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Kung Pao Cabbage

I am working my way through a head of cabbage that will not be defeated and which I feel keeps on regenerating each night no matter how much I use of it. Though my future purchases of cabbage are very much on the back burner right now because I am getting heartily sick of brassicas, I do have to say that I will make this recipe again when I am feeling cabbage-friendly again.

Any remaining sauce would taste good drizzled over eggs or added to a vegetable stir-fry.

1 serving of Napa cabbage (serving size is always subjective) cut in a wedge or two, lengthwise down the body of the cabbage, leaves still attached to a portion of the core as seen in the photo above

2 green onions, chopped

1/2 tsp freshly grated ginger root

2 tsps soy sauce

2 tsps rice wine vinegar

2 tsps maple syrup

1 tsp hot sauce (I happened to have Frank's to hand but Sriracha would work very well too)

1/8 tsp crushed Szechuan peppercorns

1 Tbsp + 1 tsp olive oil

1/2 tsp cornstarch stirred into 1 tsp of water

Preheat the oven to 425.

Arrange the cabbage wedges cut side up on a parchment paper lined baking tray and drizzle the leaves with one tablespoon of the olive oil.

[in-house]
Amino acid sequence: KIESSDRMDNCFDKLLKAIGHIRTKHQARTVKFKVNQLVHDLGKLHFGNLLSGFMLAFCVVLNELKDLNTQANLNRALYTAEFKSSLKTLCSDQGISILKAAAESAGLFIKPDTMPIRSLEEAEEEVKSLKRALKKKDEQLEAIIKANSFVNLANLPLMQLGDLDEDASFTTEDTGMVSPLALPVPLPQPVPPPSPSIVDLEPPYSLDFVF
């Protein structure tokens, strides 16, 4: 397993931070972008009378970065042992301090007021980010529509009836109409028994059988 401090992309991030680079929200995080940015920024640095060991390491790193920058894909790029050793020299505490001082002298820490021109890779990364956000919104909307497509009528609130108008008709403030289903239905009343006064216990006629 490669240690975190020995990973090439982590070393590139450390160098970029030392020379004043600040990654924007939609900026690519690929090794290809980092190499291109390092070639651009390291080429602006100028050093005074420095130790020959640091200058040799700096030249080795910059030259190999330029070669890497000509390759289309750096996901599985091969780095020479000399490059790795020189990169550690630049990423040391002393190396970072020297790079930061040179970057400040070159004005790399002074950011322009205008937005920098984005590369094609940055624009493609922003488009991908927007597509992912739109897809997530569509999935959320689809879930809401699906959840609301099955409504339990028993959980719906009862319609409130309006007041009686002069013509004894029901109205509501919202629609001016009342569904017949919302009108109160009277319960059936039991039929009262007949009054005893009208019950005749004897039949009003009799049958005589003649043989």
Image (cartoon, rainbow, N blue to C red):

Place in the oven and bake for 20 minutes. Then, turn off the heat, turn the cabbage wedges over and let them finish cooking in the oven's residual heat while you make the sauce.

Heat the remaining one teaspoon of oil in a saucepan. Add the chopped green onion and the Szechuan peppercorns and heat until the oil sizzles around the onions and pepper corns.

Then add the soy sauce, rice wine vinegar, maple syrup and hot sauce. Stir to combine and bring to a boil before tasting and adjusting for your preferences in order to get the balance of sweet and sour right for your palate.

Add the cornstarch mix and stir to combine. Continue stirring as the mixture thickens, in order to keep the sauce from getting lumpy.

Remove the cabbage wedges from the oven and place in the pan. Turn off the heat and turn the cabbage wedges over several times in the sauce so that each leaf gets a nice coating of the sweet and sour mixture.

I meant to garnish this with crushed peanuts since peanuts feature in Kung Pao chicken but forgot to do so. Serve with rice. Or maybe as part of a grain bowl.


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